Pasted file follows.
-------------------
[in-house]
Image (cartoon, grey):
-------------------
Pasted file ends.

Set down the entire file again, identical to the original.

[in-house]
Image (cartoon, grey):